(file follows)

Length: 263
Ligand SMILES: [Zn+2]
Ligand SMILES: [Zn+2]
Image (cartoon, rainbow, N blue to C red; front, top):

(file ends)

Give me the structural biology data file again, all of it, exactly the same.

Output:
Length: 263
Ligand SMILES: [Zn+2]
Ligand SMILES: [Zn+2]
Image (cartoon, rainbow, N blue to C red; front, top):